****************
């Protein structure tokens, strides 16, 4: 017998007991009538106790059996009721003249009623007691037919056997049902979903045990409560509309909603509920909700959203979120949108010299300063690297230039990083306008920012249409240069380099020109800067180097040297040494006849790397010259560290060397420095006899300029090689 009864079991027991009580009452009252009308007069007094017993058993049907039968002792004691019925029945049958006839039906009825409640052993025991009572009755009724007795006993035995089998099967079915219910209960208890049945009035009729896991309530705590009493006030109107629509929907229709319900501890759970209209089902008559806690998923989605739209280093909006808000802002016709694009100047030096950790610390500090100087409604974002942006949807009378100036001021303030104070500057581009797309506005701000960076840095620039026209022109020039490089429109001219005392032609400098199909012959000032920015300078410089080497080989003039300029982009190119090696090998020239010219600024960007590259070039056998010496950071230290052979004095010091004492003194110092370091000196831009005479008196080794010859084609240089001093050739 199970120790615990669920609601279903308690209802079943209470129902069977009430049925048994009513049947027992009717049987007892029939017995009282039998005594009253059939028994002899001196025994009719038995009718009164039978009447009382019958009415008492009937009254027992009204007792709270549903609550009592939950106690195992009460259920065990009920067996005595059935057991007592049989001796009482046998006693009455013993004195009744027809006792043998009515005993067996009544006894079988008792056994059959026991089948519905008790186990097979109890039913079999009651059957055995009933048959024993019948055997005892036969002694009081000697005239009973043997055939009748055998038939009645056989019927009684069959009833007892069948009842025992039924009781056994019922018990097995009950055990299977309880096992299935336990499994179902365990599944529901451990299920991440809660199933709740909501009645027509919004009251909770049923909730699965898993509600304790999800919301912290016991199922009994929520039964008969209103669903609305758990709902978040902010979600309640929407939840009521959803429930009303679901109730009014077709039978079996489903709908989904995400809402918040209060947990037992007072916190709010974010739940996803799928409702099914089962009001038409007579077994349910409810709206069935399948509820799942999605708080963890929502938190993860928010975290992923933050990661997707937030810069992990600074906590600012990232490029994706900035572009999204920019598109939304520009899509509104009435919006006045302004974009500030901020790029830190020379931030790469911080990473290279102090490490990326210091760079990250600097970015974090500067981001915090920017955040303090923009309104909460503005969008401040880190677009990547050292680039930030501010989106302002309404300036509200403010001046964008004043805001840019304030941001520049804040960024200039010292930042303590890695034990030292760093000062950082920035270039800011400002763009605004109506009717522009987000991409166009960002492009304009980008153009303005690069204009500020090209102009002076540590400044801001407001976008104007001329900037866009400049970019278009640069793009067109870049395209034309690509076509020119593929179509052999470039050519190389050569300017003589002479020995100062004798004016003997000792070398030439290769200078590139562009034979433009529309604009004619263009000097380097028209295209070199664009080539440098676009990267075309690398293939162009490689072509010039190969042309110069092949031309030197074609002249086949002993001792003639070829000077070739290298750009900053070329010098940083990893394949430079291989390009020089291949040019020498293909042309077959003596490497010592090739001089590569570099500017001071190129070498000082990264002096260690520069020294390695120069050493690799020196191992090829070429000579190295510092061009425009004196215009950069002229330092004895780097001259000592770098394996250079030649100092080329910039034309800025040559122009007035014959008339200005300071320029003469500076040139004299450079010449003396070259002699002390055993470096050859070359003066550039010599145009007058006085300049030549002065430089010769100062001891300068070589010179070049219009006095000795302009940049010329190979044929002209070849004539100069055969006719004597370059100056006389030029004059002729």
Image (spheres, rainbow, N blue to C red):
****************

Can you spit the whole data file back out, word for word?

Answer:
């Protein structure tokens, strides 16, 4: 017998007991009538106790059996009721003249009623007691037919056997049902979903045990409560509309909603509920909700959203979120949108010299300063690297230039990083306008920012249409240069380099020109800067180097040297040494006849790397010259560290060397420095006899300029090689 009864079991027991009580009452009252009308007069007094017993058993049907039968002792004691019925029945049958006839039906009825409640052993025991009572009755009724007795006993035995089998099967079915219910209960208890049945009035009729896991309530705590009493006030109107629509929907229709319900501890759970209209089902008559806690998923989605739209280093909006808000802002016709694009100047030096950790610390500090100087409604974002942006949807009378100036001021303030104070500057581009797309506005701000960076840095620039026209022109020039490089429109001219005392032609400098199909012959000032920015300078410089080497080989003039300029982009190119090696090998020239010219600024960007590259070039056998010496950071230290052979004095010091004492003194110092370091000196831009005479008196080794010859084609240089001093050739 199970120790615990669920609601279903308690209802079943209470129902069977009430049925048994009513049947027992009717049987007892029939017995009282039998005594009253059939028994002899001196025994009719038995009718009164039978009447009382019958009415008492009937009254027992009204007792709270549903609550009592939950106690195992009460259920065990009920067996005595059935057991007592049989001796009482046998006693009455013993004195009744027809006792043998009515005993067996009544006894079988008792056994059959026991089948519905008790186990097979109890039913079999009651059957055995009933048959024993019948055997005892036969002694009081000697005239009973043997055939009748055998038939009645056989019927009684069959009833007892069948009842025992039924009781056994019922018990097995009950055990299977309880096992299935336990499994179902365990599944529901451990299920991440809660199933709740909501009645027509919004009251909770049923909730699965898993509600304790999800919301912290016991199922009994929520039964008969209103669903609305758990709902978040902010979600309640929407939840009521959803429930009303679901109730009014077709039978079996489903709908989904995400809402918040209060947990037992007072916190709010974010739940996803799928409702099914089962009001038409007579077994349910409810709206069935399948509820799942999605708080963890929502938190993860928010975290992923933050990661997707937030810069992990600074906590600012990232490029994706900035572009999204920019598109939304520009899509509104009435919006006045302004974009500030901020790029830190020379931030790469911080990473290279102090490490990326210091760079990250600097970015974090500067981001915090920017955040303090923009309104909460503005969008401040880190677009990547050292680039930030501010989106302002309404300036509200403010001046964008004043805001840019304030941001520049804040960024200039010292930042303590890695034990030292760093000062950082920035270039800011400002763009605004109506009717522009987000991409166009960002492009304009980008153009303005690069204009500020090209102009002076540590400044801001407001976008104007001329900037866009400049970019278009640069793009067109870049395209034309690509076509020119593929179509052999470039050519190389050569300017003589002479020995100062004798004016003997000792070398030439290769200078590139562009034979433009529309604009004619263009000097380097028209295209070199664009080539440098676009990267075309690398293939162009490689072509010039190969042309110069092949031309030197074609002249086949002993001792003639070829000077070739290298750009900053070329010098940083990893394949430079291989390009020089291949040019020498293909042309077959003596490497010592090739001089590569570099500017001071190129070498000082990264002096260690520069020294390695120069050493690799020196191992090829070429000579190295510092061009425009004196215009950069002229330092004895780097001259000592770098394996250079030649100092080329910039034309800025040559122009007035014959008339200005300071320029003469500076040139004299450079010449003396070259002699002390055993470096050859070359003066550039010599145009007058006085300049030549002065430089010769100062001891300068070589010179070049219009006095000795302009940049010329190979044929002209070849004539100069055969006719004597370059100056006389030029004059002729």
Image (spheres, rainbow, N blue to C red):